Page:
Jacksonville’s Expanding Port is Paying Off

Jacksonville’s Port (JAXPORT) is saying hello to Carnival Cruises and goodbye to Honda, well hello and goodbye, that is.  JAXPORT is going to be the new “departure port” used to send Honda CR-Vs to the “Middle East, Africa, and Puerto Rico.”  The exporting of Hondas from JAXPORT is nothing new, however, as JAXPORT is already used to send Oddyseys, Accords, Pilots, and Crosstours out of the country.  Honda’s CR-Vs are the only new addition to the exports at JAXPORT.
JAXPORT is also now a place where people can leave the country for a short time.  For years, the residents of Duval County and the surrounding areas have had to make their way to Orlando, Miami, or another distant Florida city in order to board a cruise.  JAXPORT and Carnival Cruise Lines are changing that problem.  Carnival Cruise Lines is now offering cruises from Jacksonville to the Bahamas aboard the vessel named “Carnival Fascination.”  What is truly fascinating is that the plans to continue expanding JAXPORT this year already seem to be paying off and increasing Jacksonville’s place among the country’s busy ports.

If you have questions or matters regarding Imports and/or Exports, please call us today.

Information for this article was obtained from www.jaxport.com.

Bank of America to offer rentals as foreclosure alternative

Bank of America says it has begun a pilot program offering some of its mortgage customers who are facing foreclosure a chance to stay in their homes by becoming renters instead of owners.

The “Mortgage to Lease” program, which was launched this week, will be available to fewer than 1,000 BofA customers selected by the bank in test markets in Arizona, Nevada and New York.

Participants will transfer their home’s title to the bank, which will then forgive the outstanding mortgage debt. In exchange, they will be able to lease their home for up to three years at or below the rental market rate. The rent will be less than the participants’ current mortgage payments and customers will not have to pay property taxes or homeowners insurance, the bank said.

“This pilot will help determine whether conversion from homeownership to rental is something our customers, the community and investors will support,” Ron Sturzenegger, legacy asset servicing executive of Bank of America, said in a statement.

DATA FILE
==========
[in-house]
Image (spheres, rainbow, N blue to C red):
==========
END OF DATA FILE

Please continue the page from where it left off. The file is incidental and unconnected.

Among requirements to qualify for the program, homeowners must have a BofA loan, be behind at least 60 days on payments and be “underwater,” owing more on their mortgages than their homes are worth.

The bank based in Charlotte, N.C., said it will at first own the homes, then sell them to investors. If the program is successful, it could be expanded to include real-estate investors who buy qualifying properties and keep the occupants on as tenants.

“If this evolves from a pilot into a more broadly based program, we also see potential benefits from helping to stabilize housing prices in the surrounding community and curtail neighborhood blight by keeping a portion of distressed properties off the market,” Sturzenegger said.

Nevada has the nation’s highest foreclosure rate as of last month, with one in every 278 households in the state receiving a foreclosure-related filing, twice the national average, according to RealtyTrac. Arizona ranks third behind California, while New York has not been as hard hit, with one in every 4,604 households receiving a foreclosure-related filing.

This program has not hit Florida yet, but there are some different alternatives that some banks would consider instead of a foreclosure which greatly impacts your credit. Please contact Boyer Law Firm if you are facing an upcoming foreclosure or would like to prevent it from happening.

Information contained in this article was obtained from: http://www.floridarealtors.org/NewsAndEvents/article.cfm?p=2&id=273424

With mixed numbers, it seems as though confidence may be on the rise

As gas prices continue to go up, the prices of homes, job outlook, and consumer confidence fall.  However, most of those numbers are the results of polls taken of a number of individuals across the country.  Combine those numbers with the numbers produced by polls asking whether people plan to buy a house, a car, or major appliances in the coming months, and there is a mixed bag.  The numbers for consumers planning on buying a car, a home, or major appliances in the next six months all rose, which may be a good sign for consumer confidence and the economy overall.

“Consumer spending is the largest portion of the economy, and economists watch confidence readings to get a feel for the direction of spending.”  Cutting through all the numbers to decipher what they all mean is tricky business, but if people are planning on making large purchases in the coming months, that may be a strong indicator of consumer confidence.  Add the “early readings on the labor market” pointing to a “strong reading on job growth in March” and these numbers may start to add up.